I’ve been a conscientious recycler since my U.C. Berkley grad school days. Every Monday morning, I dutifully arrange our household’s recyclables — of paper, metal, plastic, and garden/food debris — in their respective bins in a neat row at the curb. In other words, I care about the environment and the consumption and sheer waste of resources of we humans.
But what does it mean when a political movement has become so hip, it’s become fashionable — literally? The environmental “green” movement has now colonized the fashion industry.
The other day, my husband and I had a cappuccino in Starbuck’s inside a Barnes and Noble Bookstore. I was idly flipping through a Fiber Arts magazine (Winter 2010/2011) when my attention was captured by these pics of extraordinarily ungainly yet pretentious women’s fashion.
I’ve seen bizarre designer haute couture but these were staggering in their shapeless ugliness. Intrigued, I read the short article accompanying the pics, “Betina Moeller: Dressing For a Protest” by Shannon Werle.
Betina Møller (it’s Møller with an o slash!) is a fashion designer based in Copenhagen, Denmark. The balloon-shaped dresses are from her Recoil Collection— “A line of clothes to create awareness around the difficult life conditions of the baleen whales.”
“If the voluminous silhouettes and exaggerated contours characterizing the Recoil collection resemble a nonhuman species, it’s likely due to the fact that each shape was derived from the form of a whale. Over the past four years, Danish fashion designer Betina Moeller has perfected the art of constructing garments from natural forms in hopes of reaching the gap between urban consumers and a variety of endangered species including the giant panda, various tree species, and most recently, baleen whales. Six of the fifteen baleen whale species, which include the world’s largest mammal, are currently registered for protection under the United States’ Endangered Species Act.”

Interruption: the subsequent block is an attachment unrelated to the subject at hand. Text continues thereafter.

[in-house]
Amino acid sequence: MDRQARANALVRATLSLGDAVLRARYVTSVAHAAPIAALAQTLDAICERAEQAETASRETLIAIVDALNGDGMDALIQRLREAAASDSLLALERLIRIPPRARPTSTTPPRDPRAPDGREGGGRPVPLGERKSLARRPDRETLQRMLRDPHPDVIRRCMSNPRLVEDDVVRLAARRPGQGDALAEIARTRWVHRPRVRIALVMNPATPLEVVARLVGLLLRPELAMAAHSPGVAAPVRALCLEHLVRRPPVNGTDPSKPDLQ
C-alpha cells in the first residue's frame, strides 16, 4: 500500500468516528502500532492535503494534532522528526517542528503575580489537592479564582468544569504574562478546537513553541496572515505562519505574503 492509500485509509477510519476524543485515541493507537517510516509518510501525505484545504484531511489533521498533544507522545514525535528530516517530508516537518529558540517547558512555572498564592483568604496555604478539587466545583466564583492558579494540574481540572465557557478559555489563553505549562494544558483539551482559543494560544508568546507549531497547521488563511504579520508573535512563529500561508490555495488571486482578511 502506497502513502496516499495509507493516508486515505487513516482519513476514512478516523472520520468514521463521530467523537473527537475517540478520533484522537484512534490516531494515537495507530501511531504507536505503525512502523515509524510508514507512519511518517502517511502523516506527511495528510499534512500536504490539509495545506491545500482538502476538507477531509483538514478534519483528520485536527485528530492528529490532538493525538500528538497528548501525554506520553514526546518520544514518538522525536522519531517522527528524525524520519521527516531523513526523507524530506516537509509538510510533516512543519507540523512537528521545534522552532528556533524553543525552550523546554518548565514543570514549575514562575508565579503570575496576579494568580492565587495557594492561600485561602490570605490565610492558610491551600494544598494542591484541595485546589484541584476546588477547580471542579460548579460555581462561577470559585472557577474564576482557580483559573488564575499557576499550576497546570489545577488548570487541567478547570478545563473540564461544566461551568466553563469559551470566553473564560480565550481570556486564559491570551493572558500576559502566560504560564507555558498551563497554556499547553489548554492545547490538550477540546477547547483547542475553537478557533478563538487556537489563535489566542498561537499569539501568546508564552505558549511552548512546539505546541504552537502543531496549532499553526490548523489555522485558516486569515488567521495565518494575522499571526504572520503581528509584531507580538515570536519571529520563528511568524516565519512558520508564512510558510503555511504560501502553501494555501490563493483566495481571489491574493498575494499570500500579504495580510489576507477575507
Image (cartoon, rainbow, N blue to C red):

“The purpose of the collection is to evolve emotions within the consumer and bring the urban human and nature closer by focusing on current issues and thereby create debate. The garments are constructed by shapes taken directly from the whalebody. The materials have been dyed using sustainable methods and damaged by pollution.”
That’s why I select the clothes I wear: Te evolve emotions within me, the consumer, whatever that means….
My husband wryly observed: “Way to go. Women can now look obese without even trying.”
So if you’re desperate to purchase one of Møller’s (don’t forget, it’s Møller with an o slash!) Recoil Collection line so that you can look like a big blob of whale blubber, here’s Møller’s contact info:
+45 22 76 54 39